Saturday, October 9, 2010

Austin City Limits Festival, Day 1

I have a friend who won a pair of tickets to ACL (I love a friend who calls you at times like these!), so we have thrown ourselves into the chaos. And chaos it is! I haven't seen attendance numbers, but it has to be in the tens of thousands.

The bands I've heard of are all playing today and tomorrow, so Cindy and I just wandered around and sampled things yesterday. Don't yell at me about "You haven't heard ?" Now I have. I listen to a LOT of music, but I hadn't gotten around to these before yesterday.  =)

  • Pat Green. Your basic Austin country. He busted out a little U2 at one point ("With or Without You"). Pretty good, but I don't listen to a lot of country.
  • Qbeta. They were on a stage that was shaded -- a naturally attractive prospect in the heat of the day. We only caught their last tune, which was kind of a dance-raggae thing and a lot of fun. I was sad I couldn't hear more.
  • The Band of Heathens. These tied for the best of the day for me. They were a mix of several genres, funky and rocky with great harmonies. As we were walking by, the singer said, "We're gonna have a little church now. Y'all need to have some church, I think!" or something like that. In that crowd, it was pretty funny. Then they broke into a funky praise thing. Lots of people were dancing around with hands in the air. They were fun. But we were actually on our way to
  • Beach House. We listened to them for half a song and decided The Band of Heathens was more fun, so we went back. Still only caught like 3 songs though. Curse the hour-long sets!
  • Slightly Stoopid. Several people said this was a fun band, and they were. Good groove, sort of a rock/reggae vibe.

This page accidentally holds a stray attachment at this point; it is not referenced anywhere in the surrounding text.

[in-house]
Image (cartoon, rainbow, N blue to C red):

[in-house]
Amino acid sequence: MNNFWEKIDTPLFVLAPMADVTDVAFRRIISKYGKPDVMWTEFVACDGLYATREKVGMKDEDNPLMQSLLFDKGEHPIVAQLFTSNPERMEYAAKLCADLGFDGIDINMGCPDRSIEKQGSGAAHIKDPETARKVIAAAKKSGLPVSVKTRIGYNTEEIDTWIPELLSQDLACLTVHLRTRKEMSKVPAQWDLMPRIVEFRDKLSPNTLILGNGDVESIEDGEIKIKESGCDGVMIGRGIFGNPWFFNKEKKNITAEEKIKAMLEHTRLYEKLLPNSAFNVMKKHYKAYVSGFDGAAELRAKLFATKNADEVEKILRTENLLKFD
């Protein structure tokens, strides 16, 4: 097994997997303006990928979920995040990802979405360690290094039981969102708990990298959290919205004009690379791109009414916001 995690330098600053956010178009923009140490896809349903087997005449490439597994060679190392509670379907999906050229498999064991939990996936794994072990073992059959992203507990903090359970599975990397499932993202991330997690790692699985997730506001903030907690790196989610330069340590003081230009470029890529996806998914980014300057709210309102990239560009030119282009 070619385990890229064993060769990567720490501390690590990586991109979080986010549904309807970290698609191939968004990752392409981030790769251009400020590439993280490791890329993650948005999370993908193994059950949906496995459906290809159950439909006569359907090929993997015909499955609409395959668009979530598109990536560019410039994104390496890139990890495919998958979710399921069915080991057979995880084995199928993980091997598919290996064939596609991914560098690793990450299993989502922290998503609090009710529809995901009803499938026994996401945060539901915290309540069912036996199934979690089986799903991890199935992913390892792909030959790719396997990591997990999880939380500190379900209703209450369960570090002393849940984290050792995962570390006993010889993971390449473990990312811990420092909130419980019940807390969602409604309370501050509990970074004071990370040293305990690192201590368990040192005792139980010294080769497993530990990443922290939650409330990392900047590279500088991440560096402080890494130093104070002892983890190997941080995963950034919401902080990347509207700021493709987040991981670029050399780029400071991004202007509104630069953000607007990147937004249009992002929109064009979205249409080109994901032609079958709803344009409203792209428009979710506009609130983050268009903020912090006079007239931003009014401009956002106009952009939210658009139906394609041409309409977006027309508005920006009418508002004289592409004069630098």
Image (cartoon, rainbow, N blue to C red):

• Vampire Weekend. Holy cow, what a huge crowd, and a lot of pot in the crowd.  We were a LONG way back and were still packed in. They were OK, would probably have been better if I owned any of the music (I'd considered buying it but hadn't gotten around to it).
  • Sonic Youth. One friend asked me how I was going to decide between Vampire Weekend and Sonic Youth, so I went to both. We found chairs by SY, which was nice. They were highly sonic, but no longer young, and Cindy and I laughed about the 3 minute outros on several songs. In a one-hour set, that adds up. We kind of wished we'd stayed at Vampire Weekend, but it was really nice to sit down, too.
  • The Strokes. We both loved The Strokes, who I probably should have heard before now. I'm not sure how to categorize their music -- it's rock, but with elements of other stuff thrown in. Their singer had some interesting stage banter. The first thing he said to the crowd was, "If all y'all would come out of the woodwork, maybe we wouldn't be so broke!" I hope he gets his wish. I'll probably buy some stuff.
So that's Day 1. I'll try to keep taking notes and posting so all two of my readers can have some new music to try out on youtube.  My dad will hate all of it (except maybe Pat Green).

Oh, a couple of other comments on the fest: with so many people temporarily in one place, there is no way to use your phone in any real way. I'd love to twitter or facebook updates (and I really tried yesterday), but the network just won't handle that many people. There is no twitter, no facebook, no texting. Calls will usually go, but you can forget about data.

And those porta potties? With that many people onsite (all eating, drinking and what-have-you), those need to be cleaned more than once a day, y'all. For real. Yick.